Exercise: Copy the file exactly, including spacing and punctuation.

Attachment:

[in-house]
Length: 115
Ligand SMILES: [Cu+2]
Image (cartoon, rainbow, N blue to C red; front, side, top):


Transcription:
[in-house]
Length: 115
Ligand SMILES: [Cu+2]
Image (cartoon, rainbow, N blue to C red; front, side, top):